Most executives in businesses both large and small are confident that they are well prepared for cyber threats when they're not. This in itself is a huge risk. They believe that because they've increased investments in cybersecurity that their data is safe.
Many believe they are – primarily due to 7 overlooked security standards & 7 negative behaviors.
Most executives in businesses both large and small are confident that they are well prepared for cyber threats when they’re not. This in itself is a huge risk. They believe that because they’ve increased investments in cybersecurity that their data is safe.
Their confidence is misplaced – why is this?
Because they often overlook 7 well-known security standards:
Do you believe CEOs are to blame for so many of today’s security events?
These misinformed individuals are often overconfident in their organization’s ability to tackle specific threats. For example, they are “sure” that if a mobile device were stolen that they would know what data was on it and be prepared for the level of risk to their business. They are also “sure” that they have what they need to protect their customers’ and employees’ personally identifiable information.
It’s no wonder the number of data breaches is reaching epidemic proportions. It seems like every few weeks we learn about another devastating security breach that strikes a large corporation – and, we’re not even hearing about the smaller ones. If CEOs and business leaders aren’t informed when it comes to the security posture of their businesses, can we trust our private information with them? This shortsightedness and complacency borderlines on neglect.
According to Juniper Research cybercrime is on the rise and will cost businesses $2.1 trillion by 2019.
Take the Equifax breach for example:
Equifax alerted the public in September 2017 to a massive data breach that exposed the personal and financial information, including names, birthdays, credit card numbers and Social Security numbers, of approximately 145 million customers in the United States to hackers. Following the Equifax breach, the former CEO Richard Smith and the current interim CEO Paulino do Rego Barros Jr. were called to testify before the Committee on Commerce, Science, and Transportation this week for a hearing titled “Protecting Consumers in the Era of Major Data Breaches.” During the hearing, Sen. Cory Gardner (R-Colo.) questioned Smith and Barros about Equifax’s use of, or lack of, encryption for customer data at rest. Smith confirmed that the company was not encrypting data at the time of the Equifax breach, and Gardner questioned whether or not that was intentional. “Was the fact that [customer] data remained unencrypted at rest the result of an oversight, or was that a decision that was made to manage that data unencrypted at rest?” Gardner asked Smith. Smith pointed out that encryption at rest is just one method of security but eventually confirmed that a decision was made to leave customer data unencrypted at rest. “So, a decision was made to leave it unencrypted at rest?” Gardner pushed. “Correct,” Smith responded.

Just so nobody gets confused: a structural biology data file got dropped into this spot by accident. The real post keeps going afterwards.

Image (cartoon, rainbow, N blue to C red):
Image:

In their “2016 Cost of Data Breach Study: Global Analysis,” IBM and
Ponemon calculated a standard cost per loss of a stolen record of to be $158. This number includes direct and indirect expenses, such as remediation and in-house investigations. It also includes the value of damage to the brand, and loss of current as well as future customers.
Can a CEO’s Overconfidence Lead to a Data Breach?
It appears the answer to this question is YES.
The following are 7 behaviors that CEOs exhibit which are directly related to the increasing incidence of data breaches.
Security experts insist that employees must be exposed to a security policy five times before they understand its importance and practice it. They stress the importance of making policies easily accessible and conducting periodic cybersecurity awareness training.
Employees should know and understand that if they violate cybersecurity policies what punishments they can face. Enforcement must be consistent but doesn’t need to be extremely punitive. If an IT department discovers an infraction, they can block the prohibited activity with firewalls, router blacklists and content filters. This way the violation remains private and a manager can quietly discuss the problem with the employee. The severity of the punishment should reflect the degree of the violation. Unfortunately, in some cases, this means an employee must be terminated.
Most CEOs try to hide employee dismissals due to security policy violations. However, as data breaches increase, and regulations like FINRA and HIPAA result in businesses facing severe consequences, more are recognizing the need to use dismissals as an example for other employees.
Does your organization practice and enforce your IT security policy?
If employees don’t know or understand how to recognize cyber threats and maintain the confidentiality of data, it’s usually the fault of the CEO who disregards the importance of training. By doing this, they risk damage to their business and valuable data assets, as well as their corporate reputation.
Laws under the U.S. Federal Sentencing Guidelines require some form of training and awareness activities to prevent data breaches. CEOs must ask themselves the following:
The Verizon 2016 Data Breach Investigations Report states that no location, industry or organization is immune from attack.
Sixty percent of CEOs don’t adequately protect their business’s privileged accounts.
Small businesses are targeted in two out of three cyber attacks.